A Swift Sidekick by a Samurai: New Suzuki Kizashi (Gesundheit!)

Paul Grusche
by Paul Grusche

Suzuki has been slapped around in the U.S. market for years. I mean, how long did it take for them to settle the Samurai rollover suit with Consumer Reports? Eight years. Damn that moose test. Yet seppuku has never been an option for Suzuki. To the contrary, they have decided to move the vehicle line upscale. Introducing the all-new Kashi bar. I mean the all-new Kizashi car. At least it’s all new for this market. The Kizashi has been the number one selling car for five years in a row in Japan, according to their microsite.

Suzuki cars or, rather, their small SUVs never caught on here for whatever reason. Bad marketing, sure. Rollover scandals didn’t help. Unappealing and small 4x4s, bingo. But that’s all in the past. These are Japanese vehicles, how bad could they be? Heck the company is the only car manufacturer to remain profitable every year since 1951. Someone is buying their cars.

J.D. Power states “. . . quality has dramatically improved in recent years, and that its residual values are rising to parity.” So with this in mind, should it be hard to believe that something great is coming from Suzuki? Hopefully not, because that’s what Kizashi means in Japanese: “Something Great is Coming.” Given the economic times and their latest sales figures, I can’t blame them for “projecting.” It clearly took more thought than naming your car Nova then sending it down to Mexico.

It’s just too bad their marketing doesn’t give things more thought. Their ads are all over the place from Mini comparos, cool hip club scenes, Jeep wannabe 4x4s to leaning on its motorcycle line. All in the hopes that hanging out with the cool kid will make them cool. If Suzuki is going to make it with their new car, and the rest of their lineup, they are going to need to send in a Samurai.

[Click here for motorcarmarket.com]

Paul Grusche
Paul Grusche

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  • Roadrabbit Roadrabbit on Aug 07, 2009

    @ kbohip While more HP is always fun, that gen Maxima has torque steer out the wazoo. A refined ride it is not. And the Maxima is more of a class above standard midsize cars anyway. This car seems likely to be priced about $5-10k below a current Maxima. To me, this seems like it combines a Passat-like driving experience (tight handling, good maneuverability, decent though not class-fastest acceleration) with Sonata value. Gotta wait until I drive it to be sure, but I'm definitely interested.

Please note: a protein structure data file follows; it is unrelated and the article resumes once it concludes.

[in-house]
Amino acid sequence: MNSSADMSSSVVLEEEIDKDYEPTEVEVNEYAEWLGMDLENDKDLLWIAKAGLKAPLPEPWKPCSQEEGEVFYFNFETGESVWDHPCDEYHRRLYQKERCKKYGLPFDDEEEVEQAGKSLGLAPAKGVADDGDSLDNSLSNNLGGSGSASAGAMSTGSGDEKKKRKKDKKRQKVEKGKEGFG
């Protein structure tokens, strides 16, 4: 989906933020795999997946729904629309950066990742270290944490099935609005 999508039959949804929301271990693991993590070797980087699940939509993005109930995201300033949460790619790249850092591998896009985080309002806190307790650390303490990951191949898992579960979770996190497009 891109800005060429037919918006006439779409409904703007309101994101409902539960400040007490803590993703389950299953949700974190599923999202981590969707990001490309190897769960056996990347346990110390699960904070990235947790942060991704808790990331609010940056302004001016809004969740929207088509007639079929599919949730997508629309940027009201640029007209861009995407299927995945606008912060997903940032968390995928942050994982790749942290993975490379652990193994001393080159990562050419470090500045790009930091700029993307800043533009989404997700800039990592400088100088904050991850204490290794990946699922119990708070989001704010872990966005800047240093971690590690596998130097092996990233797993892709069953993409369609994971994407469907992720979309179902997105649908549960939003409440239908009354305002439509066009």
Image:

• Ohsnapback Ohsnapback on Aug 07, 2009

    I'm not trying to be an ass (honestly), but people here actually think the front end and read end of this car are aesthetically pleasing? Really?

  • Bd2 If they let me and the boyz roll around naked in their dealership I'll buy a Chinese car.
  • THX1136 I would not 'knowingly' purchase a Chinese built or brand. I am somewhat skeptical of actual build quality. What I've seen in other Chinese made products show them to be of low quality/poor longevity. They are quite good at 'copying' a design/product, but often they appear to take shortcuts by using less reliable materials and/or parts. And , yes, I know that is not exclusive to Chinese products. When I was younger 'made in Japan' was synonymous with poor quality (check John Entwistle's tune 'Made in Japan' out for a smile). This is not true today as much of Japan's output is considered very favorably and, in some product types, to be of superior quality. I tend to equate the same notion today for things 'made in China'.
  • Mike Beranek No, but I'm for a world where everyone, everywhere buys cars (and everything else) that are sourced and assembled regionally. Shipping big heavy things all over the planet is not a solution.
  • Jeffrey No not for me at this time
  • El scotto Hmm, my VPN and security options have 12-month subscriptions. Car dealers are not accountable to anyone except the owner. Of course, the dealer principles are running around going "state of the art security!", "We need dedicated IT people!" For the next 12 months. The hackers can wait.